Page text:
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Budget blues as the money dries up

By johnboy - 14 February 2012 9

For the last decades government all over the country have not had to cut funding to anything and as budgets waxed fat the question has been “What do we spend the extra money on?”.

Andrew Barr has today announced the outcomes of the mid-year budget review and it’s not looking good for those reliant on ever growing government funding:

The main fiscal changes since the Budget are:
— A $62 million loss in GST revenue grants to the Territory across the Budget and forward estimates, including $12 million this year.

— Superannuation expenses are up more than $22 million due to bond rate variations.

— Revenues associated with property market activity are forecast to decline, in particular:
— Land release revenues are down more than $39 million due to restricted land supply in a number of areas. Anticipated returns are expected to be maintained over the four-year budget cycle.
— Conveyancing revenue is down more than $20 million due to lower than average prices in the residential sector, and reduced activity in commercial sectors.

— A $33 million reduction in dividends and income tax equivalent returns from ACTEW has been forecast, mainly due to reduced water usage.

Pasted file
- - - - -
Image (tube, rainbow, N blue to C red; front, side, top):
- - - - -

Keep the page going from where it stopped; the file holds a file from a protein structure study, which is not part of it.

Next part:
— Recent enterprise bargaining outcomes for Territory public servants.

— A decline in investments due largely to volatility in financial markets. However, there have been some gains from the high Australian dollar.

The bottom line is the projected $37 million dollar deficit is not out to $181 but Andrew still says he can balance the books by 2013-14 (putting the pain beyond the next election).

Politically the new environment gets more interesting because, absent tax rises, all new spending initiatives imperil someone else’s pet project.

What’s Your opinion?


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9 Responses to
Budget blues as the money dries up
Mysteryman 10:50 am 15 Feb 12

housebound said :

We’ve heard all this before, albeit with different details.

Either this government is incapable of managing the books, or it’s the start of another scare campaign being used to push through some pet reform/renewal.

Thumper said :

Well, if they hadn’t wasted squillions on the GDE, Cotter Dam, Rhodium, caravan park land swaps, etc.

Just putting it out there.

PantsMan said :

The bodgie accounting continues!

The only thing getting us back to surplus is ACTEW and LDA dividends jumping from $250 million this year to about $450 million in three years time. Miraculous revenue growth conveniently expected after the next election!

And I’m Santa Clause.

+1 to these.

The ACT Labor government can’t balance a budget. Is anyone surprised by this? Quite coincidental timing that they announce their budget deficit while everyone is focussed on the opposition’s timesheet screw-up, don’t you think?

dtc 9:29 am 15 Feb 12

dungfungus said :

– “Superannuation expenses are up more than $22 million due to bond rate variations”
I think what he meant to say was the super fund lost $22 million so the employer (ACT Government) is “topping up” to indemnify the contributors. I’ll bet there are a few academics out there with UniSuper who wish they were in a similar scheme. It is scandalous that any super fund can lose $22 million though; who is running the fund for ACT Government? Can’t they bring it “in house”? They have a lot of high paid and highly qualified people working for Treasury so surely they could run a SMSF (but then again I am thinking of the Rhodium debacle). Glad I am not an ACT Governmnet worker on the cusp of retirement.